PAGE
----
And, lastly, there is Eske's beer. Beer is part art and part science. Eske currently has nine beers on tap, covering the tapestry with brews to satisfy any beer lover's tastebuds. And they are all GREAT! I have only been able to say that about two of the other breweries I've visited. Eske is a brewmaster with a wide range of brews that more than meet the expectations of their respective genres. I love stouts and hefes. Eske's 10,000 Foot Stout and Hula Hoop Hefe are both bulls eyes, having unique, yet superb blends of grains and hops to compliment their respective yeasts. Well done, Eske!!
Eske's brews
If you are fortunate enough to find yourself in Taos, NM, a mountain town known around the world for its artists, don't forget to visit one of the best galleries - Eske's. I am certain that it will quickly make an indelible mark on your memory.

Not all chemicals are bad. Without chemicals such as hydrogen and oxygen, for example, there would be no way to make water, a vital ingredient in beer. - Dave Berry (from BrainyQuote.com)

Friday, July 6, 2012

Montezuma's Castle - The United World College

I consider myself fortunate in that I have been able to spend five days in Montezuma, New Mexico attending an IB workshop at the United World College. This is my third such workshop at the UWC.

The UWC is located on about one hundred acres at the southern terminus of the Rocky Mountains which include the famous Montezuma Castle. Do not confuse this with this Montezuma's Castle. The castle has more than 400 rooms and occupies approximately 90,000 sq ft. It is the third such building on the site. The first two were built and burned down in the 1880's. An interesting fact is that those two buildings were the first buildings in the state to have electricity. They were built by a railroad company that hoped to use its rail line to bring guests to a resort that included several hot springs that are located just below the castle.

The existing building was a hotel until 1903, but it has since been owned and used by a variety of religious organizations. For more than three decades it was a Catholic seminary for Jesuits. A lasting feature of that era is a prayer building (rt) located on a ridge above the castle.

Unfortunately, the castle was left vacant for more than a decade. Locals, who I met at the hot springs, have told me that it became a hangout for teens and vagrants during that time. The building suffered significantly since normal repairs and upkeep were not attended to.  Damage from vandalism added to the breakdown of the building and resulted in the United World College having to spend more than ten million dollars to complete repairs.

Free concert on campus
The eventual salvation of the property came in 1981. The purchase and urgently needed repair of the property were made possible through monies ($30 million) donated by oil magnate Armand Hammer. He bought it to create a US campus of the United World College. Though the Hammer money was withdrawn by plan after thirty years, another fifty million dollar grant has kept the college functioning.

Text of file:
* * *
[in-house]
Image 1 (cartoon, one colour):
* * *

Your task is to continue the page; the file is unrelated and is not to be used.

UWC IB students perform for us
It still serves as a United World College campus. And it has ties to the International Baccalaureate Programme. My visit to the castle has been for the purpose of attending an IB teacher workshop: Level III Physics. Along with seven other physics teachers from around the country, I have learned from the world's chief IB physics moderator (ultimate world grader) how to instruct my students to design, carry out, and write reports on physics experiments. It has been a huge learning experience for me, so I am glad I came.

Canyon trail
Some of my free time after the workshop sessions (and homework!) has been spent trail running and road cycling in the canyons east and west of the UWC campus. Together, the 6800+ ft altitude and the mountainous terrain have made this week's training quite strenuous. And I loved it! That winding, wavy, cracked, and narrow road did cause the hair on my neck to stand up a few times, but the bike handling skills are well polished!

Polar RCX5 Data file for one of the rides up into Gallinas Canyon
On Wednesday the workshop only lasted a half-day in order to allow for field trips to nearby tourist destinations. I chose to go to Santa Fe where I created my own brewery tour. I sampled beer from four local breweries and ate a fantastic half-pound buffalo burger at one of them - the Second Street Brewery.

I also visited the tourist trap known as the Santa Fe Plaza. Unfortunately, the natives I would have done business with were taking down their stands when I arrived. No problem. I walked through some shops, people watched (!!), and took in the world famous art and architecture.

Sante Fe St. Francis Cathedral Basilica
Great food and expertly designed brews!
Education is what remains after one has forgotten what one has learned in school. - Albert Einstein